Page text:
Reading these newspapers, more than a century old, felt surprisingly familiar. It connected in my mind with the reading I do at Reachout Radio, where we do live readings from today’s newspapers. In the Aitkin & Hilton book, even though it was written shortly after the event, the story was told in the past tense, as something already beginning to pass from “news” to “history”. In the newspaper readings, everything is happening in the present tense, in the immediate here and now. If only radio had existed in 1906, I might have been a Reachout Radio reader, turning the pages of the papers, looking for the articles that would be most informative to the listeners on the other end of the airwaves.

We would have to begin with the leading articles, the ones which pull together the big picture of what’s happening. Where are the present fire lines and which way is the fire moving? Where are the civic leaders meeting and what is their game plan? Where are people to go for safety, and how are they to get there? Before the internet, before television, before radio, the printing press was the clearing house for everything people most desperately needed to know.

Then there are the small and personal items. A wealthy woman lost all her property in the fire, but announced that she was giving half of what she had in the bank to the relief fund. Two men in what appeared to be a Red Cross wagon stole blankets and jewelry from the homeless camped in Golden Gate Park. Enrico Caruso got a black eye during an altercation over luggage at the ferry boat wharf. A University of California professor rescued the paintings at Hopkins Art Institute by cutting them out of their frames as the flames surrounded the building, rolling up the canvases and taking them to safety.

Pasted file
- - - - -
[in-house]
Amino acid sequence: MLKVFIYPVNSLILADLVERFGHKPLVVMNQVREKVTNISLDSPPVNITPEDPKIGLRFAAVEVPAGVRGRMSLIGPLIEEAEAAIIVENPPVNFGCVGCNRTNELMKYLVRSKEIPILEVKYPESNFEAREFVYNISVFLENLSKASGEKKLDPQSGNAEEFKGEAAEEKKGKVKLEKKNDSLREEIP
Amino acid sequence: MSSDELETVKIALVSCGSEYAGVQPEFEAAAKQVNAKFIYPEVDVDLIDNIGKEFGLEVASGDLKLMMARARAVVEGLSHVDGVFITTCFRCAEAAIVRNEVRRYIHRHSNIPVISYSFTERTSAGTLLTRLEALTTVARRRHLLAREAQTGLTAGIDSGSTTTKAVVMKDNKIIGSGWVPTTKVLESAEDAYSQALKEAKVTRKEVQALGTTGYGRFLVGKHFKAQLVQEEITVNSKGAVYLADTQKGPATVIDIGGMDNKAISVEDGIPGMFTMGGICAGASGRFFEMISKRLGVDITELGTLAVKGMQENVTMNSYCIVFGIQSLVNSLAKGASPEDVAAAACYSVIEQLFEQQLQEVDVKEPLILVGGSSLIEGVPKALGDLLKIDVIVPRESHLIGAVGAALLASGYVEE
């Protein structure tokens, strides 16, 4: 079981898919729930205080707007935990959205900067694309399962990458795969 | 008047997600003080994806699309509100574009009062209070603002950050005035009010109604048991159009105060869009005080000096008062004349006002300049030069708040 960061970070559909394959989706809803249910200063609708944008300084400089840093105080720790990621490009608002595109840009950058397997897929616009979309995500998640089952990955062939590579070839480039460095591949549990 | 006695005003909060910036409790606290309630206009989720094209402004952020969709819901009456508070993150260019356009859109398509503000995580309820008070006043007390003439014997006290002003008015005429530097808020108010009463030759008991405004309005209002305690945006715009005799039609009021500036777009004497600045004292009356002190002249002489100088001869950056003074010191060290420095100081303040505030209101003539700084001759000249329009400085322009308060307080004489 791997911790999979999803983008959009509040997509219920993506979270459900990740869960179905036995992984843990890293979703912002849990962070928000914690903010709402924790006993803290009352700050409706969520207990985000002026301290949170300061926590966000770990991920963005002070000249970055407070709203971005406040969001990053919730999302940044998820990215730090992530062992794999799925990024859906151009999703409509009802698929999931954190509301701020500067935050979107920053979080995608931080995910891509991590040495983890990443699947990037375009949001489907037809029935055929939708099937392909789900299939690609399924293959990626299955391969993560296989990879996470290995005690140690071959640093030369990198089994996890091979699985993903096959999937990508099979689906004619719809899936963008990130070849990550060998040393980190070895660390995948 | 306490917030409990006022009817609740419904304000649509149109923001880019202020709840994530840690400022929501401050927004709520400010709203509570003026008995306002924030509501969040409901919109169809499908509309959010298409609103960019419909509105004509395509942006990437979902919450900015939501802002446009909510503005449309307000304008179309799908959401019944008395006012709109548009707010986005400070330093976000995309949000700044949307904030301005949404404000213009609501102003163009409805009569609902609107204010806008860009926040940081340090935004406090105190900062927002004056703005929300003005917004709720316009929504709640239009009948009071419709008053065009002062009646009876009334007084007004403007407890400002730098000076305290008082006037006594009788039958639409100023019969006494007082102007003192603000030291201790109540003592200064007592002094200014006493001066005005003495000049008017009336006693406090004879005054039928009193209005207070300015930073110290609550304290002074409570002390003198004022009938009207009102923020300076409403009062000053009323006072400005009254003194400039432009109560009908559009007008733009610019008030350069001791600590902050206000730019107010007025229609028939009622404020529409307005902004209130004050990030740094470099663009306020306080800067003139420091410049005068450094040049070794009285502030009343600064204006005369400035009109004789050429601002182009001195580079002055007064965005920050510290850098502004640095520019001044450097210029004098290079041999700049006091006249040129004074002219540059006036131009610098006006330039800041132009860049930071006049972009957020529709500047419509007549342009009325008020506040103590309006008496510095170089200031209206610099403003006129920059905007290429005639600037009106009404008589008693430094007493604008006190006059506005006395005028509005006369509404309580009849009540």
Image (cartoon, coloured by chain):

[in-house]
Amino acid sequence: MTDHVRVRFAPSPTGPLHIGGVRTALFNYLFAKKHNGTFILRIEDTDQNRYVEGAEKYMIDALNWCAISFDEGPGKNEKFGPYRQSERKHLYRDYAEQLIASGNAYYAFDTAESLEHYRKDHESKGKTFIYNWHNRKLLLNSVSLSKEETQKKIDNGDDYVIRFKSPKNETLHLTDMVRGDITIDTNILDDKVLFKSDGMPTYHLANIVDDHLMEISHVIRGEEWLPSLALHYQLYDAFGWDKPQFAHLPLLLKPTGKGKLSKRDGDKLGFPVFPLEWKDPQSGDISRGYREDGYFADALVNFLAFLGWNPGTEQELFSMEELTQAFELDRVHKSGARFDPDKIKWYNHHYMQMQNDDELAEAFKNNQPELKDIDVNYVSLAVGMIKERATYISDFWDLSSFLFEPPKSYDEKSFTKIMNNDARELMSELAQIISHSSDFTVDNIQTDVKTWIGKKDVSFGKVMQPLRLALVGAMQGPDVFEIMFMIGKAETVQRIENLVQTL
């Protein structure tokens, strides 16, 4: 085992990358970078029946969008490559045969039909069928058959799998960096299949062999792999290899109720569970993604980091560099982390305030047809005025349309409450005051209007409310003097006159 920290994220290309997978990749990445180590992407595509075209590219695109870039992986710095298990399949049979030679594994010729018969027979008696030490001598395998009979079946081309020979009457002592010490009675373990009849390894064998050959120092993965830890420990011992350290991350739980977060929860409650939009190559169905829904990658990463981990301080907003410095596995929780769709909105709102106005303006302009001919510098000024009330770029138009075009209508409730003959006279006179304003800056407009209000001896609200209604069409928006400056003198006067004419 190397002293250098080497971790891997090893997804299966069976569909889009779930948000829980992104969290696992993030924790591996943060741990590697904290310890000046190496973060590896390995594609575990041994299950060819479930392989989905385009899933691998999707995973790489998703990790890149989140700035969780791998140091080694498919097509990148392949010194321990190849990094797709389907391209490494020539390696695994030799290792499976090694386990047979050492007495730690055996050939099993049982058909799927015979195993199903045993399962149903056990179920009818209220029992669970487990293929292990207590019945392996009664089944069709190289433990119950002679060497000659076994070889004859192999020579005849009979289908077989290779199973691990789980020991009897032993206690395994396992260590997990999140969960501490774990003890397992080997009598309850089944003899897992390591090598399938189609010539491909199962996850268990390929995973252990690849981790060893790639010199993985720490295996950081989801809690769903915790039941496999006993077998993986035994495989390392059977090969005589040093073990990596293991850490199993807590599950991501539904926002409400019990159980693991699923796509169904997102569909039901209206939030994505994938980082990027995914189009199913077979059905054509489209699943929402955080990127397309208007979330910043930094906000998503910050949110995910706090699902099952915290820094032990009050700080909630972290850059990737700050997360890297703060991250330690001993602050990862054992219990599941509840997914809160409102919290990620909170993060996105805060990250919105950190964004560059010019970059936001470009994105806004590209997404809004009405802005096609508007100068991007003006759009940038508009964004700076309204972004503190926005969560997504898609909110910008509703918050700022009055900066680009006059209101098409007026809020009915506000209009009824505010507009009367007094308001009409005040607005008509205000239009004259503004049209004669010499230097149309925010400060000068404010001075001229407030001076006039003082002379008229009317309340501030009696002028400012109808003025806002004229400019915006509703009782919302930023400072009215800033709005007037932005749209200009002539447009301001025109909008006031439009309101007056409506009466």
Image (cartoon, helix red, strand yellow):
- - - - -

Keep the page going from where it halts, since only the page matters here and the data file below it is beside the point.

The reporters diligently collected data and more data, and devoted full pages to making it available. People seeking friends and relatives checked the hundreds of names and addresses published in the papers. Lists of people hospitalized at various locations were available, with a brief description of their injury. Locations of relief stations and food distribution stations were published in the paper. Businessmen, driven out of one location, turned to the newspapers to announce new temporary locations and to ask their employees to check in.

Even the “Personals” were fascinating little glimpses of small human details in the larger story. Herb asked Eve in a classified ad, “Where are you?” Mr. Monteverde published an ad asking for information on the whereabouts of the children of the Mexican Vice President, who had been staying with a Miss Velasco. Our Lady of the Sacred Heart announced that their building had escaped unharmed and that school would resume Monday. An enterprising Oakland real estate broker advertised “an earthquake-proof 5-room cottage” and advised the reader to “Grab it quick!”